American idols

American idols

Production | 21 Jul 2006 | Issue 57

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Most single malts are named after their distilleries, which in turn are mostly place names. Most blended Scotches are named after the merchants who created them although a few, such as Cutty Sark (a ship), are more fanciful.In the United States, a much younger nation with a much younger whiskeymaking tradition, many whiskey names are more in the modern consumer marketing tradition. Here are the stories behind a few of them.Maker’s Mark
Bill Samuels is the president and living embodiment of Maker’s Mark bourbon. The Samuels family has a long history in the industry, but when Bill’s father started the company in the 1950s, he no longer owned rights to the family name. His wife was a collector of vintage silver and knew that such pieces could be identified by a distinctive symbol, usually placed in an inconspicuous spot by the silversmith, which was known to collectors as the maker’s mark. Bill says the red wax was her idea too.Woodford Reserve
This beautiful, historic Kentucky distillery that Brown-Forman bought and restored a decade ago has many famous names associated with it, but Brown-Forman doesn’t own the rights to any of them. The distillery happens to be located in Woodford County. End of story.Wild Turkey
Before prohibition, most American whiskey brands were created and owned by wholesalers, not distillers. One such wholesaler was Austin, Nichols & Company, a venerable New York concern. In 1940, a company executive named Thomas McCarthy pulled some whiskey from the warehouse to take along on a hunting trip with friends in South Carolina. The whiskey was a huge success and since they had been hunting for wild turkeys, that is what they called the whiskey when they asked him to bring more the following year. From that small seed, a major brand has grown.Eagle Rare
Imitation is the sincerest form of flattery and in the 1960s, some executives at Seagrams decided that if a bourbon named after a turkey could be successful, then one named after an eagle probably would sell even better. It never surpassed that other bird, but the Eagle Rare brand is still around, today owned by Buffalo Trace.Old Forester
It sounds like a man’s name, and maybe it is, but nobody knows who he was or knows for sure why George Garvin Brown named his new bourbon Old Forester when he created it in 1870. Old Forester launched the company that is today Brown-Forman, and it still makes Old Forester bourbon.Early Times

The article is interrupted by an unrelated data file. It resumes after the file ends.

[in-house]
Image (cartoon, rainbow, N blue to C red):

Though it is now owned by Brown- Forman, Early Times was created and named by Jack Beam, Jim Beam’s uncle, who started his distillery in 1860. The name was a reference to certain proudly old-fashioned methods his distillery used, such as mashing in small hand-stirred tubs; using direct heat, not steam, on the still; and using pot stills instead of column stills. Brown-Forman bought the name, but not the distillery, during Prohibition.Buffalo Trace
Trace is another word for trail. The buffalo or, more correctly, American bison, had as its natural range most of the continental United States. Many trails used by humans and, later, for roads, were originally made by migrating herds of these massive beasts. The Buffalo Trace Distillery in Frankfort, Kentucky, is located at a spot along the Kentucky River where the water is shallow and where buffalo herds traditionally crossed, hence it is on the buffalo trace.Ezra Brooks
It sounds like a man’s name and it is, but not a real one. Just as Eagle Rare was created in the 1960s as a Wild Turkey knockoff, Ezra Brooks was created at about the same time as a Jack Daniel’s knockoff. The ‘Ezra’ was Ezra Ripy, one of the distillery owners. There was no Brooks.Heaven Hill
Heaven Hill Distilleries is the company that makes Evan Williams, Old Fitzgerald and many other fine American whiskeys. In Kentucky and a few other places, they also sell some bourbon using Heaven Hill as a brand name. Though the name would appear to refer to a place, it is actually the surname of a farmer who originally owned the property: William Heavenhill. The official story is that the name was split up due to a clerical error in the original incorporation documents, but some suspect it was done deliberately to avoid later rights disputes with Heavenhill’s descendants.Knob Creek
It is a real creek that meanders through parts of Nelson and LaRue County, in the country south of Bardstown. Close to where Knob Creek empties into the Rolling Fork River is the site of several historic distilleries, along with a farm where Abraham Lincoln roamed as a young boy. Thomas Lincoln, Abe’s dad, is said to have worked as a seasonal hand at a distillery there owned by kin of Daniel Boone.That is why Beam decided to name a bourbon Knob Creek.Old Charter
The brand was created in 1874 but the name refers to the Charter Oak, a tree in Hartford, Connecticut, where the colonial charter was supposedly hidden in 1687 from agents of James II, who wanted to seize and revoke it. This story inspired many patriots before and after the American Revolution. The tree itself fell during a storm in 1856.
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